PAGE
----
English 624 Renaissance Drama: The Rise of the Will and the Costs of Uncontrolled Passion

Dr. Michael Bryson
Sierra Tower 832
818-677-5695
michael.bryson@csun.edu

   

 

COURSE DESCRIPTION: With cannibalism, prayers offered to the Devil in search of power, power used to take revenge on the wicked (or simply eliminate the inconvenient), and pious hypocrites who speak of mercy while offering none, the drama of the Elizabethan and Jacobean stages told stories that Hollywood can only dream of getting away with telling today. Don't read these plays if you are easily offended—the characters you will meet don't care about your modern sensibilities...but if you are not easily offended, we will read a total of fourteen plays by Seneca, and then Shakespeare and his contemporaries Kyd, Marlowe, Marston, Middleton, and Cary which explore the darker sides of human nature through characters who do what they want, no matter the costs.

EVALUATION METHOD: In-class presentation (15-20 minutes overall, done in groups of 2, materials to be copied and distributed to the instructor and all class members); Final research essay (approximately 4000 words). Presentation will count for 1/3 and Final essay for 2/3 of overall grade.

READING LIST: Selected works from Seneca: Anger, Mercy, Revenge, Seneca: The Tragedies, Vol. 1, English Renaissance Drama, and any collected volume of Shakespeare (I favor the Pelican, but any will do).

Statement on Academic Dishonesty: Plagiarism is a serious offense that will be treated seriously. Please read the CSUN policy here.



Weekly Preview
 

Week 1 (1/22): Introductions: Debates over Free Will (Theology and Philosophy); The Apostles of the Will--Faustus, Iago, Edmund, Salome, Lady Macbeth

The Senecan Background

Week 2 (1/29): Anger, Mercy, Revenge (Book One); Thystes; Agamemmnon


Plays of Revenge

Week 3 (2/5): Thomas Kyd, The Spanish Tragedy

Week 4 (2/12): William Shakespeare, Titus Andronicus

Week 5 (2/19): William Shakespeare, Hamlet
(Presentation 1: Saxo Grammaticus, the stoy of Amleth the Dane)


Week 6 (2/26): Thomas Middleton, The Revenger's Tragedy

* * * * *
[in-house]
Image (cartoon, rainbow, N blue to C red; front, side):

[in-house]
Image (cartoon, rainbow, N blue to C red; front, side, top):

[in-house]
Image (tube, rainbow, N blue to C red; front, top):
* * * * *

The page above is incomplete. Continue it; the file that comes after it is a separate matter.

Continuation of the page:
Week 7 (3/5): John Marston, The Malcontent
(Presentation 2: Children's theatre companies in Early Modern England)


Plays of Jealousy and Betrayal

Week 8 (3/12): William Shakespeare, Othello
(Presentation 3: Moors as African/Moors as Middle Eastern, the differences--The Ottoman Empire and its geographical reach in 1600, and the diplomatic visit of Abd el-Ouahed ben Messaoud to Elizabeth I)

Week 9 (3/19): Elizabeth Cary, The Tragedy of Mariam
(Presentation 4: Early Modern "Woman question": Joseph Swetnam--The Arraignment of Lewd, Idle, Froward, and Unconstant Women, 1615; Anonymous--Swetnam the Woman-Hater Arraigned by Women, 1620--check EEBO library database for these)

Week 10 (3/26): William Shakespeare, King Lear
(Presentation 5: Bastardy, Primogeniture, and Arranged Marriage in Early Modern England--see, among other sources, Lawrence Stone: The Family, Sex, and Marriage in England)

 

Week 11 (4/2) and Week 12--Spring Break (4/9): Off

Plays of Witchcraft and the Devil

Week 13 (4/16): Christopher Marlowe, Doctor Faustus
(Presentation 6: The history of anti-witchcraft laws and witchcraft trials in Early Modern England)

Week 14 (4/23): William Shakespeare, Macbeth
(Presentation 7: King James, Daemonologie)

Plays of Anti-Semitism and Greed

Week 15 (4/30): Christopher Marlowe, The Jew of Malta
(Presentation 8: The Blood Libel in Medieval and Early Modern English literature)
(Presentation 9: The trial and execution of Dr. Roderigo Lopez, physician to Elizabeth I)


Week 16 (5/7): William Shakespeare, The Merchant of Venice


Final due by 11:59:59 PM on 5/14 by email— no physical submissions of finals.